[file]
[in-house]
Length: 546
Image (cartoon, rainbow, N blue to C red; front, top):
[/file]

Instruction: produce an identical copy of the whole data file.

[in-house]
Length: 546
Image (cartoon, rainbow, N blue to C red; front, top):